• preventing inflammation-causing bacteria from staying in the stomach and causing digestive disorders
  • naturally lowering “bad” cholesterol and increasing “good” cholesterol levels
  • lowering triglycerides
  • improving insulin sensitivity and glucose metabolism
  • improving and strengthening immune system
  • promoting the growth of beneficial bacteria that are crucial for a healthy digestive and immune system

4. A2 milk has more bioavailable nutrients that feed the body

As mentioned above, a human mother’s breast milk is A2 milk. Likewise, milk from A2 cows and goat have molecule and chemical compositions that are easily assimilated in the human body.

Where A1 milk may cause excessive mucus and asthma in young children, A2 milk can actually reverse this condition.

Due to the better absorbability of A2 milk, the rich nutrients are more easily digested and used by the body. This is important as drinking A2 milk helps to eliminate nutritional deficiencies, thus treating many ailments caused by deficiencies.

For example, drinking A1 milk may cause osteoporosis due to its imbalanced calcium-magnesium ratio that results in calcium deficiency. You are not faced with this issue when consuming A2 milk.

Nutrients bioavailability means that your bones are able to absorb and use more of the calcium for better bone-building, minus the inflammation.

Where Can You Find A2 Milk?

Where can you find the A2 milk that seems to be safer, in fact healthier, to drink?

Unless you live in France, some Asian countries, and Africa, most of the milk products you see all around contain A1 and A2 beta-casein in equal amounts.

At the time being, the only company that produces and sells A2 milk is ”The a2 Milk Company”. Their products are sold mostly in the US, UK, New Zealand, Australia, and China.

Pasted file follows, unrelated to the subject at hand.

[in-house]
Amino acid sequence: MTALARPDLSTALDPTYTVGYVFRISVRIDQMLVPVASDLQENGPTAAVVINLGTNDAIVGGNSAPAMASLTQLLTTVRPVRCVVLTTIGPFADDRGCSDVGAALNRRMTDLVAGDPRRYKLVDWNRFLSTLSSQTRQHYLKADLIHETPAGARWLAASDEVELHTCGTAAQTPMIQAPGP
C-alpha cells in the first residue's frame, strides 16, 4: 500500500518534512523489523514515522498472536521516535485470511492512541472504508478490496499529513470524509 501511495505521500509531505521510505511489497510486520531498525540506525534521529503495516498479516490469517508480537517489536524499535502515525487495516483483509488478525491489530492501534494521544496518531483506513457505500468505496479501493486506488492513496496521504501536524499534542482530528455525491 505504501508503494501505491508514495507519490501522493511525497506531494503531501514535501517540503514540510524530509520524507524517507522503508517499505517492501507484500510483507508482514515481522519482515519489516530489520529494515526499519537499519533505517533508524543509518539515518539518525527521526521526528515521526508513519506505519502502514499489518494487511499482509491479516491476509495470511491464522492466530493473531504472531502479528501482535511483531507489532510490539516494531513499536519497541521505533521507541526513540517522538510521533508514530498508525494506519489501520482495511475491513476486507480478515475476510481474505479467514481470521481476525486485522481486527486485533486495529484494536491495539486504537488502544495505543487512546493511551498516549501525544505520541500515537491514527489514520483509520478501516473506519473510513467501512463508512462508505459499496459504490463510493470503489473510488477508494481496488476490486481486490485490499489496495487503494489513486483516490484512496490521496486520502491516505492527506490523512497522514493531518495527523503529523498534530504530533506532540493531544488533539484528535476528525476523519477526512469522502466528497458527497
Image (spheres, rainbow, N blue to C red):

More countries and companies are expected to embrace this trend in the near future.

On the other hand, there is another way out—goat milk. Goat milk contains only the A2 protein, which is why goat milk is so widely promoted as the anti-inflammatory milk.

Choose Your Dairy Wisely

If there is no A2 milk in your country or area, it wouldn’t be wise to waste a fortune trying to get it somehow. Don’t think of this matter as a life or death kind of problem.

However, if you have easy access to A2 milk—consider trying it out. Many people report feeling better after drinking A2 milk compared to A1 milk, especially if they suffer from dairy intolerance, and A2 generally seems to be healthier in all aspects.

Some of the links I post on this site are affiliate links. If you go through them to make a purchase, I will earn a small commission (at no additional cost to you). However, note that I’m recommending these products because of their quality and that I have good experience using them, not because of the commission to be made.

About Sara Ding

Sara Ding is the founder of Juicing-for-Health.com. She is a certified Wellness Health Coach, Nutritional Consultant and a Detox Specialist. She helps busy men and women identify their health issues at the root cause, in order to eliminate the problems for optimum physical/mental health and wellbeing.